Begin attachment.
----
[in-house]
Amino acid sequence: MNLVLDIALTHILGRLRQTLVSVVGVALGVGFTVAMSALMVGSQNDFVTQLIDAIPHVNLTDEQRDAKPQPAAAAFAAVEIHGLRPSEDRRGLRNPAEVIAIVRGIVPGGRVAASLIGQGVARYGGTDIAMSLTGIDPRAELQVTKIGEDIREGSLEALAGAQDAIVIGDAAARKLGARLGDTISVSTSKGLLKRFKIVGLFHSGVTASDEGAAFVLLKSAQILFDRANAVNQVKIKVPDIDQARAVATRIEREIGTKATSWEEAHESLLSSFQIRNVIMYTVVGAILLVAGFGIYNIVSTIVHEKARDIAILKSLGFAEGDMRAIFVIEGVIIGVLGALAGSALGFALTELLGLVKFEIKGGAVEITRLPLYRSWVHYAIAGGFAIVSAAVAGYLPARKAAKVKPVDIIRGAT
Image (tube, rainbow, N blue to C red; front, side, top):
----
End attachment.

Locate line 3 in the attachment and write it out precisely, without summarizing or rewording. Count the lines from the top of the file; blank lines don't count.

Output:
Image (tube, rainbow, N blue to C red; front, side, top):